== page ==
It has a water resistance rating of 5ATM, meaning it’s suitable for showering, swimming and snorkelling at depths up to 50m. Just make sure you remove it before taking part in any high-speed watersports.
Xiaomi Mi Smart Band 6 smartwatch features
- Impressive health and wellbeing tools
- Effective sleep tracking
- All-day tracking reduces battery life dramatically
When it comes to everyday use, the Xiaomi Mi Smart Band 6 has some impressive features you’d expect to find in a much more expensive device. These include blood oxygen tracking (complete with spot-checks), stress monitoring (using changes in heart rate), sleep tracking, breathing exercises, and period tracking.
There’s no on-board storage for music, which isn’t surprising for such a compact device, but you can use the Mi Smart Band 6 to control your phone’s media playback, saving you the trouble of digging it out of your pocket. Just make sure you give it the necessary permissions during setup.
You'll receive smartphone notifications on your wrist (though there's limited room for lengthy texts), but unsurprisingly for a device this affordable, there's no ability to reply to texts or take calls. Nor can you issue voice commands; there's no Alexa or Google Assistant here and, more to the point, no microphone.
Sleep monitoring worked well enough in our tests, closely aligning with those from a much more costly Polar device. The Mi Smart Band 6 doesn’t measure REM sleep, but it tracks deep and light sleep effectively enough to determine how many sleep cycles you experienced, and any waking periods during the night.
It’s worth bearing in mind that features like sleep tracking and all-day stress monitoring take a toll on battery life, though. Xiaomi claims the watch can keep running for up to 14 days with normal use, but enabling the bells and whistles could trim that by around half. That’s still a respectable measure for a fitness tracker (most Fitbit devices only last 7-10 days between charges), but could be disappointing if you’re expecting longer.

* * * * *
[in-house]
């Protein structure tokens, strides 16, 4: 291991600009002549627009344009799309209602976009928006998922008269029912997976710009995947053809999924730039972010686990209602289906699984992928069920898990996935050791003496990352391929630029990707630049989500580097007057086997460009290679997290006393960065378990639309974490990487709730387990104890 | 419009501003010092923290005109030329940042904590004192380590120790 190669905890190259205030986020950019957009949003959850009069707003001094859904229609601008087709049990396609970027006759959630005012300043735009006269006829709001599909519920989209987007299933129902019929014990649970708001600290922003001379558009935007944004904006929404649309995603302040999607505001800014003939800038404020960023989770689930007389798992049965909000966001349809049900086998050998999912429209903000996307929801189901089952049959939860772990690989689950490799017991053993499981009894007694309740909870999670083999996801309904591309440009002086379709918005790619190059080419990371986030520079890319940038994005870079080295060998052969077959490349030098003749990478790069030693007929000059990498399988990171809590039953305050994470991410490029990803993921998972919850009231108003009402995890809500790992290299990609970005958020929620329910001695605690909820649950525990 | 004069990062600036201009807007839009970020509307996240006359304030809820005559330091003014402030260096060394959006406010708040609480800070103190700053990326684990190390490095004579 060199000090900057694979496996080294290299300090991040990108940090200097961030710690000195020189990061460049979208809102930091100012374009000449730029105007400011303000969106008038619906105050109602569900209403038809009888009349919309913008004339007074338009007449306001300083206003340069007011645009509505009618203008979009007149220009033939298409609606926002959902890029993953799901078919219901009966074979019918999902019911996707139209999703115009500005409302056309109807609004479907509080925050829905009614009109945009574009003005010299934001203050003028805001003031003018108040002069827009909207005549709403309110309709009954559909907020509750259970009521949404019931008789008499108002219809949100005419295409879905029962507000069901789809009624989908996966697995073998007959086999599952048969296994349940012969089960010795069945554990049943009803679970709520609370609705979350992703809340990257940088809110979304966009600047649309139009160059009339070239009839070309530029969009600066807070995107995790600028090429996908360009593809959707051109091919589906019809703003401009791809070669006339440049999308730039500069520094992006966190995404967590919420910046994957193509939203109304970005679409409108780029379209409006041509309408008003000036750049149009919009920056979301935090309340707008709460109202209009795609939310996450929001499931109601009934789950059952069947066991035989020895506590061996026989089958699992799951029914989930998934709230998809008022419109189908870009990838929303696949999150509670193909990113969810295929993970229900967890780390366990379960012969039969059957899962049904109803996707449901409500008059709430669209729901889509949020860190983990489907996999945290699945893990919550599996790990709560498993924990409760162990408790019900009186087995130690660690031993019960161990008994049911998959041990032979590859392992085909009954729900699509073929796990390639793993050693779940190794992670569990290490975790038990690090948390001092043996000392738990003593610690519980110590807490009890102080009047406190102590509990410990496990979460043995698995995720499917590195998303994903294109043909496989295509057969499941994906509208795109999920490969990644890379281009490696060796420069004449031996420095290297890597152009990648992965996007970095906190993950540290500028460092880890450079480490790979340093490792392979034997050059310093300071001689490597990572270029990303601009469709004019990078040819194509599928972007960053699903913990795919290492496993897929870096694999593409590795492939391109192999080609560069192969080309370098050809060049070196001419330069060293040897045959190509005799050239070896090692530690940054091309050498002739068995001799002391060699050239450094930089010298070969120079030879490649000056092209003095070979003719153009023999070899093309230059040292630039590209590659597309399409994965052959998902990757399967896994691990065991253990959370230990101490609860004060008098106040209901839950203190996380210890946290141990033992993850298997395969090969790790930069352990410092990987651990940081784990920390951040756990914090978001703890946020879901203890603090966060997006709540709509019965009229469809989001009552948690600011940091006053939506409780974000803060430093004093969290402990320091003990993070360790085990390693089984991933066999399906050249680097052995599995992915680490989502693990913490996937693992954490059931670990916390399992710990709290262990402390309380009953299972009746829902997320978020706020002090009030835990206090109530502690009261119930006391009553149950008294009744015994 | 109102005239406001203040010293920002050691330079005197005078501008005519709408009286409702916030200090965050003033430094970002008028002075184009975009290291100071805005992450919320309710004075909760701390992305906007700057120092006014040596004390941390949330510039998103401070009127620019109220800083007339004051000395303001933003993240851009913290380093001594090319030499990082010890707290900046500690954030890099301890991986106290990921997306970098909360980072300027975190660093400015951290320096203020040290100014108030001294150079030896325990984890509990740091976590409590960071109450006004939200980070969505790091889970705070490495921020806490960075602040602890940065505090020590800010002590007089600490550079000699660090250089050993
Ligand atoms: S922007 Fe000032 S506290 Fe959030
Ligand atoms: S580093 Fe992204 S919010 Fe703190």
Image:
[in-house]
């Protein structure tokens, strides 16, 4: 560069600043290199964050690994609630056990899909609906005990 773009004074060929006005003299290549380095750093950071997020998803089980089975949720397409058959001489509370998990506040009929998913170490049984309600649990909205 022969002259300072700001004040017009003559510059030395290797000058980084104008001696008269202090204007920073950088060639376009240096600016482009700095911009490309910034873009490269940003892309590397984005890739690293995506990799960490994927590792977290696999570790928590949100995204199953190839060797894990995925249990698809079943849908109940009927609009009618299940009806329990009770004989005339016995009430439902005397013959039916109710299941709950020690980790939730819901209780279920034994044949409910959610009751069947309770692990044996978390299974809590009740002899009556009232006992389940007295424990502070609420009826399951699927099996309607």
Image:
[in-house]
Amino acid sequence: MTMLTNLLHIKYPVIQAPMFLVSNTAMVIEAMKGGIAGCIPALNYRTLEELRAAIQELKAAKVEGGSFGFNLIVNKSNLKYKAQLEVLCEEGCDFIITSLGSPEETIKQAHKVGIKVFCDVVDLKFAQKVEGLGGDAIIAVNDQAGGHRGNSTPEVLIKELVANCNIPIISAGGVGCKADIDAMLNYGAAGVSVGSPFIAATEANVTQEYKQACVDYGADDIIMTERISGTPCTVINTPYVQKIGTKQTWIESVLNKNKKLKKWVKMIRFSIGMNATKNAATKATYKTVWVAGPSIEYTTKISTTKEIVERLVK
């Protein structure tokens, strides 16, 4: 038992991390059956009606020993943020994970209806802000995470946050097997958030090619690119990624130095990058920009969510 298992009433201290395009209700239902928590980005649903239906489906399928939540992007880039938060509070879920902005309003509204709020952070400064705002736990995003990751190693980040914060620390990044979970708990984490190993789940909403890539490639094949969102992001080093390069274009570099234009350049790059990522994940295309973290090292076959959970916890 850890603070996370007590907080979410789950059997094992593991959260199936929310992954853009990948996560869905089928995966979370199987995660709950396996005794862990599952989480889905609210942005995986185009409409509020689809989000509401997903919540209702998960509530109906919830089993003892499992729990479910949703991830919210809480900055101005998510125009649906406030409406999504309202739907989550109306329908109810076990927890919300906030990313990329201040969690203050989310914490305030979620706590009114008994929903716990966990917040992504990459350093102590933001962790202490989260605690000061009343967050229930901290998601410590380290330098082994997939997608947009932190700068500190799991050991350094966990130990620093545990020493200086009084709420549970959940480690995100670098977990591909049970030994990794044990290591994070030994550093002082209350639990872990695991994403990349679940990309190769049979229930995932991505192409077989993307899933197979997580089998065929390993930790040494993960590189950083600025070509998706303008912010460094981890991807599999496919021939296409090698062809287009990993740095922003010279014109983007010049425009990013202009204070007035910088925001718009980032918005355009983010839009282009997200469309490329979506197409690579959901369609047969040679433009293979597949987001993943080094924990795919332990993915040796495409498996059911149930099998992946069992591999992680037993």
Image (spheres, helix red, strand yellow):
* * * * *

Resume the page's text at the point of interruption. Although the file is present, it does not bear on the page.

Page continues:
- Overestimates distance during cardio sessions
- Heart rate monitoring appears accurate
- PAI fitness score is somewhat vague
The watch features connected GPS (before you start a workout you’re warned that it won’t track unless there’s a connection to your phone), but in our tests it wasn’t particularly accurate. For example, although it appeared correctly drawn out in the app, our regular 5K route (as measured on a map) was recorded as over 500m longer than the true distance – a worrying large margin of error.
This may have been an issue with our phone, but the watch’s pace measurement was off as well, occasionally failing to register variations.
Auto-pause works well though, halting tracking after just a few seconds while you wait at pedestrian crossings, and workouts are ended and saved by holding an icon on the screen, so there’s no risk of you accidentally cancelling tracking mid-run.
There were a few smaller annoyances. For example, the watch will buzz gently with each mile or kilometre, but also when you hit step goals or trigger a PAI alert, leading to notifications so regular, it’s impossible to know what they mean without glancing at the screen.
PAI is a score that represents your overall cardiovascular health, and is calculated using changes in your heart rate. Exactly what the number means in real terms is rather vague, but with regular exercise you should see it rise in line with your improving fitness.